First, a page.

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Greenbaum, Rowe, Smith & Davis LLP Client Alert

On December 17, 2010, President Obama signed into law the Tax Relief, Unemployment Insurance Reauthorization, and Job Creation Act of 2010 (the “Act”). As you may know, this Act extended for two years the current income tax rates and other income tax provisions first enacted during President Bush’s administration. In addition to these income tax extensions, the Act also made major changes to the Federal estate and gift tax laws, some of which are as follows:

The estate taxes imposed by New Jersey, New York or any other states are unaffected by the changes made to the Federal law. Thus, for example, the New Jersey estate tax exemption remains at $675,000, while the New York estate tax exemption remains at $1 million. In addition, there is no portability of exemptions for state estate tax purposes. As such, state estate taxes can still result in a significant expense to a decedent’s estate.

For purposes of illustration, the New Jersey and New York estate taxes for various size taxable estates are as follows:

Taxable Estate New Jersey Tax New York Tax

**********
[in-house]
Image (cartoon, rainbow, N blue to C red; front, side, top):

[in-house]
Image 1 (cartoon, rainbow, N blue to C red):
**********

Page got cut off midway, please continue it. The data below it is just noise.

$1,000,000 $33,200 -0-
$2,000,000 $99,600 $99,600
$3,000,000 $182,000 $182,000
$5,000,000 $391,600 $391,600
$10,000,000 $1,067,600 $1,067,600
$20,000,000 $2,666,800 $2,666,800

In light of the changes to the Federal estate tax law, it may be advisable that your estate plan be reviewed to see if changes are warranted. In particular, the formulas used in existing Wills to determine how much passes to which persons and trusts may no longer produce the intended results and could result in unexpected dispositions, or result in state death taxes which clients may wish to avoid.

In addition to having your estate plan reviewed for tax reasons, you may also want to review the persons named as your primary and secondary beneficiaries, terms of any trusts for family members, and the individuals named as your executors, trustees, and guardians. 

Finally, since there is the possibility of the increased exemptions and lower rates expiring in 2012, clients may wish to take advantage of the planning opportunities that are available while the current tax law is still in effect. For example, the higher gift tax exemption will allow clients to make additional gifts without paying Federal gift tax. Since the Act did not address either grantor retained annuity trusts (GRATs) or valuation discounts, many estate planning techniques can be accomplished more effectively utilizing the additional gift tax exemption and the current low interest rate environment.